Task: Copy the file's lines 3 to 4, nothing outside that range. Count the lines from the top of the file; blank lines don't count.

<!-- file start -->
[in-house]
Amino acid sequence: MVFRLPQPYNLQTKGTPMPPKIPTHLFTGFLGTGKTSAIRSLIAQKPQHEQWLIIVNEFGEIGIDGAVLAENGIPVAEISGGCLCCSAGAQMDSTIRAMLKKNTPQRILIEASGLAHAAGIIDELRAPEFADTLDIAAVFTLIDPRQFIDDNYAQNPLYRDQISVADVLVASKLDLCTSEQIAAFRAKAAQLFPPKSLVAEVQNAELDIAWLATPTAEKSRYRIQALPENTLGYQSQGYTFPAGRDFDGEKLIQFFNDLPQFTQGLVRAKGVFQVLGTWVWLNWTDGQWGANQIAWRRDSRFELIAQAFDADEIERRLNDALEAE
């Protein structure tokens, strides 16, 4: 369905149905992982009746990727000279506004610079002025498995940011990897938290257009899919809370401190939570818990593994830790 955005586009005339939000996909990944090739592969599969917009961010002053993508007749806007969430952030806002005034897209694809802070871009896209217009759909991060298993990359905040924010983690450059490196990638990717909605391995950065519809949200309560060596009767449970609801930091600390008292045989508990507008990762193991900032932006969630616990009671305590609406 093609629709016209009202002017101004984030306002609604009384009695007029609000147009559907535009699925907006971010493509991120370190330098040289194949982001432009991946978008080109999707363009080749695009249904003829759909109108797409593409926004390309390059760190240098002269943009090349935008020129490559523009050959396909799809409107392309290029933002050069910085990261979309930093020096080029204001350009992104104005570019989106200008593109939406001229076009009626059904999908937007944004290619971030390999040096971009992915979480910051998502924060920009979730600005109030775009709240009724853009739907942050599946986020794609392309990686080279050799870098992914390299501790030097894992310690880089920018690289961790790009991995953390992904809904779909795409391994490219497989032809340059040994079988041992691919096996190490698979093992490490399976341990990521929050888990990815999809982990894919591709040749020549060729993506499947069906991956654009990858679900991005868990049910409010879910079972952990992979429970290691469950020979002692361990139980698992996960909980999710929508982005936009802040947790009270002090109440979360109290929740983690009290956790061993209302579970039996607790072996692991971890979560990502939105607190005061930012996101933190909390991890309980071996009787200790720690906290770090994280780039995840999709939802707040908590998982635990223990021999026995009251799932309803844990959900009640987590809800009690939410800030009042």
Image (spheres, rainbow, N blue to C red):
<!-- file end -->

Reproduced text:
């Protein structure tokens, strides 16, 4: 369905149905992982009746990727000279506004610079002025498995940011990897938290257009899919809370401190939570818990593994830790 955005586009005339939000996909990944090739592969599969917009961010002053993508007749806007969430952030806002005034897209694809802070871009896209217009759909991060298993990359905040924010983690450059490196990638990717909605391995950065519809949200309560060596009767449970609801930091600390008292045989508990507008990762193991900032932006969630616990009671305590609406 093609629709016209009202002017101004984030306002609604009384009695007029609000147009559907535009699925907006971010493509991120370190330098040289194949982001432009991946978008080109999707363009080749695009249904003829759909109108797409593409926004390309390059760190240098002269943009090349935008020129490559523009050959396909799809409107392309290029933002050069910085990261979309930093020096080029204001350009992104104005570019989106200008593109939406001229076009009626059904999908937007944004290619971030390999040096971009992915979480910051998502924060920009979730600005109030775009709240009724853009739907942050599946986020794609392309990686080279050799870098992914390299501790030097894992310690880089920018690289961790790009991995953390992904809904779909795409391994490219497989032809340059040994079988041992691919096996190490698979093992490490399976341990990521929050888990990815999809982990894919591709040749020549060729993506499947069906991956654009990858679900991005868990049910409010879910079972952990992979429970290691469950020979002692361990139980698992996960909980999710929508982005936009802040947790009270002090109440979360109290929740983690009290956790061993209302579970039996607790072996692991971890979560990502939105607190005061930012996101933190909390991890309980071996009787200790720690906290770090994280780039995840999709939802707040908590998982635990223990021999026995009251799932309803844990959900009640987590809800009690939410800030009042």
Image (spheres, rainbow, N blue to C red):